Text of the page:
Watering—Water is a basic requirement for a healthy lawn. Depending on weather/temperature conditions, soil type, and cultural practices, it may take up to an inch of water every week to benefit the entire root system. If your lawn is new, daily watering will be necessary for up to two weeks, to promote the establishment of roots. To water an established lawn apply ½ - ¾ inch of water every 3 – 5 days, this is usually sufficient. Time of day when watering can be important. Higher water pressure, less evaporation and less wind to affect sprinkler pattern make early morning watering most efficient. Watering in the middle of the day increases loss to wind and evaporation. This practice wastes water because longer watering times are required to achieve the same results. Evening watering may promote disease development, especially during hot, humid weather. Improper watering will make turf weak and shallow rooted, making it more susceptible to stress injury.
Mowing – The single most important cultural practice associated with turf maintenance is mowing. The average height of cut desirable for most home lawns in the New England region is 2 – 21/2 inches. Height of cut is also a crucial factor in a lawns appearance. A lower cutting height affects watering requirements, the root system, and promotes rapid drying of the lawn. Another critical factor in proper mowing is a sharp blade. Always make sure your blade is sharp before the start of the mowing season. As a general rule, grass should be mown so that not more than ¼ - 1/3 of the leaf blade is removed per mowing. Leave grass clippings on the lawn whenever possible. Clippings work as a slow release source of nutrients for the lawn. They do not increase the thatch layer. Mowing a different direction each time you mow will promote more even growth. Water your lawn before mowing if it shows signs of drought stress.
Insect control – Healthy, vigorous turfgrass is the first step to effective pest control. In order to properly treat for insects you must identify which kind of insect is causing the damage, surface or soil. If insecticides are used they must contact or penetrate the insect’s body to be effective. Timing is critical with insecticide applications. They should not be applied until insects are active on the surface or in the soil. A thorough watering may be needed to ensure that the product reaches the insect. Know what area of your lawn is under attack by pests. Usually sunny areas are attacked first by surface or soil insects. Follow label directions closely when using insecticides. Grass varities that contain endophytes reduce stress from surface feeding insects. Understanding the life cycle of an insect pest can be very helpful in the best possible control techniques.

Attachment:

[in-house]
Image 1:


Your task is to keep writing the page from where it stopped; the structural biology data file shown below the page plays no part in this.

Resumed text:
Disease control - It takes three things to have a turf disease problem: A susceptible host; a pathogen; and the right environment. If any one of these is missing, there will be no disease development. Healthy, vigorously growing, adapted lawn grasses that are properly managed can best survive disease outbreaks. Proper lawn care includes fertilizing, watering, mowing, and insect and weed control. While proper care does not completely prevent diseases, it helps to curb them so that controls can be more effective if they become necessary. Many questions need to be answered before chemicals are applied to a lawn. You must be patient regarding lawn diseases. When weather conditions favoring the development of the disease pass, the disease will go into remission and generally the turf will recover.
Weed Control – The first step in determining any weed control program is to indentify the weeds in your lawn. Proper weed control treatments in the spring, called pre-emergent applications, should keep most common broadleaf weeds to a minimum. Proper cultural practices have a great effect on the health of your lawn. Most weeds thrive in poorly maintained soils. Read and follow all label directions to properly apply the right amount of chemical. The rule of thumb is that the weed must be actively growing to be controlled. Proper timing of weed applications will give you far greater success. Young, actively growing weeds are more susceptible to post-emergent treatment than larger, more mature weeds.
Pre-emergence control – In this process, a chemical is applied evenly over the turf and forms a barrier at the soil surface. The biggest problem with pre-emergence control is timing. Usually a split application will enhance control. Combination products are generally good if applied properly. Most are a combination of fertilizer and a pre-emergence herbicide. All pre-emergence will need to be watered into the soil.
Post-emergence control – This application should be made when weeds are visible, young, and actively growing. At this stage, young weeds are more susceptible to control and turfgrasses are better able to fill in the voids left by the dying weeds.
New England Turf, Inc.
600 Waites Corner Rd
West Kingston, Rhode Island 02892
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